Introduction

The end-stage renal disease (ESRD) has been steadily increased over the past decades and well-recognized as a heavy burden for every healthcare system in the world [1]. Taiwan experienced the highest number of hemodialysis patients in the world with 3093 dialysis per million population, 90% of patients receiving in-center hemodialysis [1]. However, the number of healthcare providers such as nephrologists, dietitians, or nutritionists has not increased to meet the greater demand of this group of patients in renal care [2].

Metabolic syndrome (MetS) showed the causal association with progressive decline in renal function [3]. MetS was reported with high prevalence in the end-stage renal disease (ESRD) patients undergoing hemodialysis, ranged from 61.0% diagnosed in Taiwan using criteria set by the adult treatment panel III (ATP-III) [4], to 75.3% diagnosed in Brazil according to the Harmonizing the Metabolic Syndrome (HMetS) criteria [5]. MetS has been practically established as the risk factor for cardiovascular disease, type 2 diabetes, and increase in all-cause [510], and predicted the risk of hospitalization [11]. On the other hand, the progression of renal disease may lead to elevated blood pressure, hypertriglyceridemia, and other metabolic alterations which may further add to the incidence and prevalence of metabolic syndrome [12]. The progressive decline of renal function even induce the onset of insulin resistance and diabetes independent of previous diabetic and nutritional status [10]. In addition, specific treatment modalities may have a negative metabolic effect favoring the onset of metabolic abnormalities [12].

The detection of MetS and nutritional interventions were the most critical recommendations, in order to have adequate interventions to reduce the unfavorable consequences [13,14]. Dietary approaches have been recognized as the effective therapy to prevent several risk factors and its unfavorable consequences in patients with chronic diseases, especially to prevent metabolic complications, and reduce the metabolic syndrome alteration [1518]. A potential justification for the increased energy dietary intake was recommended in the National Kidney Foundation-Kidney Disease Outcomes Quality Initiative (K/DOQI) guidelines [19,20].

The inadequate energy intake (IEI) was high prevalence, accounted for about two third of hemodialysis patients [21,22]. The randomized controlled trial on patients with metabolic syndrome concluded that dietary approaches reduced most of the metabolic risk factors [14]. Dietary energy intake has been well recognized as a determinant of metabolic syndrome. However, there has been none of the studies estimate the cut-off value of energy intake, which can detect the MetS.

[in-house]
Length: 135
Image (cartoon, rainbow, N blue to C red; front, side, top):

In order to face and overcome these critical problems of limited human resource and to lower the cost of diagnostic tests and treatment, dietary intake assessment has become vitally important to identify metabolic syndrome in hemodialysis patients. The current study used the data from multi-dialysis centers in Taiwan to explore the optimal cut-off point of energy intake for identification of MetS in hemodialysis patients.

Methods

Study design and patient population

The hemodialysis (HD) patients were recruited from a clinical cross-sectional study, which was conducted between September 2013 and November 2016. The data of 243 HD patients in hemodialysis centers from five hospitals in Taiwan including 58 from Taipei Medical University Hospital, 55 from Taipei Tzu-Chi Hospital, 52 from Taipei Medical University–Wan Fang Hospital, 42 from Cathay General Hospital, 36 from Taipei Medical University–Shuang Ho Hospital. The sample size was adequate for a clinical observational design.

Patients who aged above 20 years, received thrice-weekly hemodialysis treatment for at least 3 months, adequate dialysis quality (equilibrated Kt/V ≥ 1.2 g/kg/day) were recruited. Patients who had one of the following criteria were excluded: who diagnosed with edema, pregnancy, amputation, hyperthyroidism, hypothyroidism, malignancy, received tube feeding, exhibited hepatic failure or cancer, hospitalized within one month prior to the recruitment, or were scheduled for surgery. In the current study, patients have not been in diet control for overweight or obesity. They have been advised to follow the K/DOQI guidelines [23], and healthy eating guidelines in Taiwan [24,25].